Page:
In her introductory essay, Still comprehensively explores the sociopolitical mobility/marginalization among dalits in neoliberal India. Her essay gives an informed account of the current literature which engages dalits on several aspects of their lives. From Sudha Pai’s rigorous scrutiny of ‘Supplier Diversity’ policy in Madhya Pradesh since the ‘Bhopal Declaration’ to Sumeet Mhaskar’s meticulous research on Bombay’s dalit ex mill workers and their current occupational status and how social institutions like caste and religion still shape the same, these eight essays put forth a range of issues affecting dalits lives today. Kaushal Vidyarthee’s exhaustive statistical essay covers a wide trajectory of how dalits are being integrated into the neoliberal economy and explains how despite aggressive liberalization and modernization the exclusionary practices of economic importance have remained intact in the traditional caste system. Both Mhaskar and Vidyarthee’s works together give an account of how deep the decay is in Indian society and how the caste system remains completely unchanged and unscathed which adapts with every new step of the upper castes. After all, it wasn’t for nothing that Ambedkar termed brahmanism and capitalism as the twin enemies for dalits.
Even though I don’t quite agree with Judith Heyer’s article, it is quite an interesting and insightful piece of research on the concept of housewives and dalit women and requires an attentive read. Jules Naudet’s fascinating work captures the ever pervasive tension among the upwardly mobile dalits. Through several interviews, Naudet brings out the complex web of an emotional crisis which young and educated dalits go through and how they continue to fight it at a very personal level and thereby linking this struggle of their own self to the larger politics. This essay is an important part of this book and should be given careful reading.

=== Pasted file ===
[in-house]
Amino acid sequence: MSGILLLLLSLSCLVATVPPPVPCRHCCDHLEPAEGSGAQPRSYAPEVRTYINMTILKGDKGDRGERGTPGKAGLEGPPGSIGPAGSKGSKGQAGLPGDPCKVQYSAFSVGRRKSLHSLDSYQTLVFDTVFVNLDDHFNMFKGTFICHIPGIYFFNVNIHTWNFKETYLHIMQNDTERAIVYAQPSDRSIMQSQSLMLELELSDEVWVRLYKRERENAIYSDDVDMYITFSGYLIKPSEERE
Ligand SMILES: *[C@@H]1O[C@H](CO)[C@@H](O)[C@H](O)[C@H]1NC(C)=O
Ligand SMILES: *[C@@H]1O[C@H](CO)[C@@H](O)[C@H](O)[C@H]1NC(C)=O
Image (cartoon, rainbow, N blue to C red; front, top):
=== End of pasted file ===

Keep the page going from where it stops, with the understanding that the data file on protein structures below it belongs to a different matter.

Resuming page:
What this work perhaps lacks is an analysis on the lack of any concrete analysis on neoliberalism in the dalit movement today. The increasing influence of neo-liberal economic policies in India, celebrated by the successive central governments since the 1990s and the corresponding weakening of progressive movements for bringing the economic betterment and social transformation in the lives of dalits have only made matters worse. The recent beating received by Maywati in UP at the hands of BJP in the 2014 general elections, if nothing else, is a strong statement for the same reasons. How has ‘Hindutva’ faring so well on the rhetorical front of economic growth and also aggressively working to bring the dalits into its fold brought about this revival of BJP that happened in UP, at the cost of dalit politics, when the forces of Hindutva have been weakened in the same region to begin with? Such questions need a further probe. This work goes a long way in strengthening our ways of understanding the myriad aspects of politics in India and gives a fresh perspective on its intersection with caste, gender and economy.
*Due to paucity of space it is difficult to separate neoliberal philosophy from that of Capitalism, and hence I shall be using both the word interchangeably.
Moggallan Bharti is Assistant Professor in the Department of Political Science, Gargi College, Delhi University, Delhi.